There are very few things I learned in high school that I actually use in my adult life. (Is this a blanket statement that applies to everyone? Or is it just me and my adolescent oddities?) For certain none of my extracurriculars are helping me now—they didn't even help me then very much. I learned to love Margaret Atwood in high school and I still use that skill regularly. I learned the art of the mixed tape from, oddly enough, the three days in tenth grade I spent in seminary. I learned that history is interesting when correctly taught. Oh! I learned to drive, to type, and to make cheese fondue. And I learned WordPerfect.
And honestly, aside from the driving and the typing, WordPerfect is the high school skill I use the most. Let's be perfectly up front about it: I really, really hate Word. I hate it on principle—because I want to resist the homogenization of the world. But I also I hate it because it doesn't think the way I need it to think. I'm functional with Word because I need to be. I based an entire class on it. I use it because the world says I must. But it feels like speaking Spanish feels: the same world but translated differently. Plus it frustrates me to no end with how it tries to control too much.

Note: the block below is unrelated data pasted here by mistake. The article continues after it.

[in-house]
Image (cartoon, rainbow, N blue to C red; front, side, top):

But WordPerfect? That is my natural word processing habitat. I've never stopped using it since I learned how in tenth grade. I've been with it since it was the blue screen with a blinking cursor. I remember when mouse control was added and no one thought that a computer mouse would ever actually catch on. (Won't it always be faster, the argument went, to just use the function keys?) I remember the furor caused when Windows versions of software started being released.
I remember when every keyboard in the world had a WordPerfect template above the function keys.
You know what I also remember?
All the keystrokes. (Because they were right: it is faster to keep your hands right on the keyboard instead of reaching for a mouse.) And not just the obvious ones. I can get to Typesetting, Merge, Macros, Tables, Spell Check, and almost any feature you can think of, all without taking my fingers off the keyboard.
Of course, this knowledge doesn't help me much in the real world. I still have to use Word for anything that is leaving my computer for the wide world. (Usually, though, I still write it in WordPerfect and then convert it to a Word doc.) It still makes me happy, using WordPerfect. I'll use it as long as they keep making updates. Because, say I wanted to make something like the subway art on this layout
in Word. It would be a painful process of multiple text boxes and frustration over text spacing. Using WP (one text box and the handy "Advance" feature), I made it in 30 minutes. I might have sat back and declared myself a word processing genius when I was done.
So even though it makes me seem a little bit odd and a whole lot dated (when I was teaching, one of my students noticed me using WordPerfect and told me it just made me "vintage" which I suppose should make me feel hip & elegant & cool in a shabby sort of way, even though it really only makes me feel old), I'm sticking by my favorite word processor. Function keys and all. I think my tenth grade teacher would be proud. Maybe prouder if I could actually remember her name? Ah, oh well. At least I remember the keystrokes she taught me.
Do you have a little-known computer software you love and adore beyond reason?